It was exactly seven years ago today that Occupy Wall Street took over Zuccotti Park, that “privately owned public space” run by the big landlord Brookfield Properties, which among many other things owns the adjacent office tower, One Liberty Plaza. That brief bongo-inflected moment in 2011 turned a pleasant enough late-1960s corporate plaza into hallowed ground for America’s turn toward something like socialism. And, coincidentally, yesterday Brookfield erected Rose III (2016), a 26-foot-tall, half-ton megaflora there, forged from lacquered steel by German artist Isa Genzken, as a gift to the city and area office workers who use the plaza for coffee drinking, perhaps with the hope that the park would become famous for something else besides mostly unmet demands for economic change, and that ugly eviction of protesters. It’s now worth noting that the (red) rose has always been a symbol of democratic socialism, the historic movement Occupy made mainstream again in this country.
“A rose has a certain banality and familiarity,” acknowledges Laura Hoptman, the executive director of the Drawing Center who curated the Genzken show when she was at MoMA. But making it very large causes you, at least in theory, to reconsider its meaning, says Hoptman. “A rose is symbol of love and commemoration,” among other things, including “different political parties. This work is entirely positive: of gifting and love and a happy memory, A public monument for the enjoyment of New York.”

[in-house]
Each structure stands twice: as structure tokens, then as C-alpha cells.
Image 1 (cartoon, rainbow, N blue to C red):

Strictly speaking, this big rose is not red, however: It’s more of a yellow-red mix, and modeled after an actual rose, which the artist had 3-D scanned. Genzken, despite a widely praised MoMA retrospective in 2013, remains less famous in this country than in Europe, where her strange, complicated work is better known. But everybody loves her enormous roses, each of which are unique. (You might have seen her other (red) one, planted in MoMA’s sculpture garden, where it moved after spending some time jutting up from a setback on the facade of the New Museum.)
Rose III is on long-term loan to the city of New York and Brookfield from Lonti Ebers, the art collector and patron (whose husband also happens to be Brookfield’s CEO). “I bought the work and then thought about how it might go downtown,” she says (she is Rose III’s first owner; it comes in an edition of three, with an artist’s proof). Zuccotti also borders the former U.S. Steel Building (which, back in 1968, had been allowed to be constructed taller than zoning would ordinarily allow in exchange for the plaza), and Genzken “was fascinated [with] that building and had done many photographs of it.” She liked the flower’s message of “hope and positivity.” And these days, hope and positivity might be a radical political statement in and of itself.